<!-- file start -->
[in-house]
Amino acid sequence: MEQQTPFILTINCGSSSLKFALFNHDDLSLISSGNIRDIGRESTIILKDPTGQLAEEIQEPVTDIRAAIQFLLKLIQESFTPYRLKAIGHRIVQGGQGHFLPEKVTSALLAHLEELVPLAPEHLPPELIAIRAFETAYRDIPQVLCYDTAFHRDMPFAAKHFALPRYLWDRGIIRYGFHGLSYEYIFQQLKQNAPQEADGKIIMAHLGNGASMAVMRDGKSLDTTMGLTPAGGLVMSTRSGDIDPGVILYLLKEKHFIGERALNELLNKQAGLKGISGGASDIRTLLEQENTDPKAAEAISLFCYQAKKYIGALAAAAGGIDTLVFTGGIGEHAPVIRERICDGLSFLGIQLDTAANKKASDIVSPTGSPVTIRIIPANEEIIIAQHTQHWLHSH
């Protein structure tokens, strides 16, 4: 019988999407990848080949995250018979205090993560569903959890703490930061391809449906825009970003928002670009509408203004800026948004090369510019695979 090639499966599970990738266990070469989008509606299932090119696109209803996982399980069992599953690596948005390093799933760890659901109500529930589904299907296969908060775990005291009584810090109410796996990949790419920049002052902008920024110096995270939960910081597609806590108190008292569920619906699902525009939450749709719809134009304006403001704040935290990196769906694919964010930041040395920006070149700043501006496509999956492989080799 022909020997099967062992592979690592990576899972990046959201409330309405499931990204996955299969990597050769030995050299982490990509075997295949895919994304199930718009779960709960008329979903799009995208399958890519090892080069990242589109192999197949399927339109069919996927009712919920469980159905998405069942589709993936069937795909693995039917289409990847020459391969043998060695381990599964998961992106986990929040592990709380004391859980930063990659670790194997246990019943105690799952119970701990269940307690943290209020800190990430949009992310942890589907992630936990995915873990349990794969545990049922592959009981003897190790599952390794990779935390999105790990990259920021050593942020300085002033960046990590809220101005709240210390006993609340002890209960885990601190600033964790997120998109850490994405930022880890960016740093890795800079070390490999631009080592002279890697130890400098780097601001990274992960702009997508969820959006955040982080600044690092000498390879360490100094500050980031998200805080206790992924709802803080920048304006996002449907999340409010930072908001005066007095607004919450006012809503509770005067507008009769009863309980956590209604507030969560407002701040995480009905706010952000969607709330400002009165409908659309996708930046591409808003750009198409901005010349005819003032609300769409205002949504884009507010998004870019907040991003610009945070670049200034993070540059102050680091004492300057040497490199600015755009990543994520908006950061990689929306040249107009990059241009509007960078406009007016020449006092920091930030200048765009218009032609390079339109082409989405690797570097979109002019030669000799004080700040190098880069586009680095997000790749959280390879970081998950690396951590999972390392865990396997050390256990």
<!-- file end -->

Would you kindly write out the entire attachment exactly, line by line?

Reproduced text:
[in-house]
Amino acid sequence: MEQQTPFILTINCGSSSLKFALFNHDDLSLISSGNIRDIGRESTIILKDPTGQLAEEIQEPVTDIRAAIQFLLKLIQESFTPYRLKAIGHRIVQGGQGHFLPEKVTSALLAHLEELVPLAPEHLPPELIAIRAFETAYRDIPQVLCYDTAFHRDMPFAAKHFALPRYLWDRGIIRYGFHGLSYEYIFQQLKQNAPQEADGKIIMAHLGNGASMAVMRDGKSLDTTMGLTPAGGLVMSTRSGDIDPGVILYLLKEKHFIGERALNELLNKQAGLKGISGGASDIRTLLEQENTDPKAAEAISLFCYQAKKYIGALAAAAGGIDTLVFTGGIGEHAPVIRERICDGLSFLGIQLDTAANKKASDIVSPTGSPVTIRIIPANEEIIIAQHTQHWLHSH
């Protein structure tokens, strides 16, 4: 019988999407990848080949995250018979205090993560569903959890703490930061391809449906825009970003928002670009509408203004800026948004090369510019695979 090639499966599970990738266990070469989008509606299932090119696109209803996982399980069992599953690596948005390093799933760890659901109500529930589904299907296969908060775990005291009584810090109410796996990949790419920049002052902008920024110096995270939960910081597609806590108190008292569920619906699902525009939450749709719809134009304006403001704040935290990196769906694919964010930041040395920006070149700043501006496509999956492989080799 022909020997099967062992592979690592990576899972990046959201409330309405499931990204996955299969990597050769030995050299982490990509075997295949895919994304199930718009779960709960008329979903799009995208399958890519090892080069990242589109192999197949399927339109069919996927009712919920469980159905998405069942589709993936069937795909693995039917289409990847020459391969043998060695381990599964998961992106986990929040592990709380004391859980930063990659670790194997246990019943105690799952119970701990269940307690943290209020800190990430949009992310942890589907992630936990995915873990349990794969545990049922592959009981003897190790599952390794990779935390999105790990990259920021050593942020300085002033960046990590809220101005709240210390006993609340002890209960885990601190600033964790997120998109850490994405930022880890960016740093890795800079070390490999631009080592002279890697130890400098780097601001990274992960702009997508969820959006955040982080600044690092000498390879360490100094500050980031998200805080206790992924709802803080920048304006996002449907999340409010930072908001005066007095607004919450006012809503509770005067507008009769009863309980956590209604507030969560407002701040995480009905706010952000969607709330400002009165409908659309996708930046591409808003750009198409901005010349005819003032609300769409205002949504884009507010998004870019907040991003610009945070670049200034993070540059102050680091004492300057040497490199600015755009990543994520908006950061990689929306040249107009990059241009509007960078406009007016020449006092920091930030200048765009218009032609390079339109082409989405690797570097979109002019030669000799004080700040190098880069586009680095997000790749959280390879970081998950690396951590999972390392865990396997050390256990």